Portuguese Socialists fight back ahead of vote
Outgoing Portuguese prime minister Jose Socrates' Socialist Party has regained public support from the centre-right opposition ahead of June elections focused on the country's debt problem.
An opinion poll published Thursday for Diario Economico daily and TSF radio gave the socialists 36.1 percent of voting intentions, against 35.3 percent for the main opposition Social Democrat (PSD) party.
A month ago the Social Democrats were tipped to win handsomely in the June 5 ballot called after Socrates failed to win parliamentary support for stiff austerity measures.
The rejection of the measures forced Lisbon to apply for a massive bailout from the European Union and International Monetary Fund, in the wake of Greece and Ireland.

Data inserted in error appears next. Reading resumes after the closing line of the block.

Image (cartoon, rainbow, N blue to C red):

Diario Economico said that accounting for the 3.45 percent margin of error in the Marktest poll of 805 people the two parties were neck and neck.
The result means that the Socialist Party is almost back to the 36.5 percent backing which gave it victory in September 2009 elections against 29.1 percent for the PSD.
Diario Economico said it was the first time since September 2010 that rightist parties combined had less than 50 percent support.
The previous Marktest poll published two days after Socrates resigned gave the PSD 46.7 percent against 24.5 percent for the Socialists.
However another poll carried Wednesday in the financial daily showed Portuguese overwhelmingly blamed Socrates for the current crisis.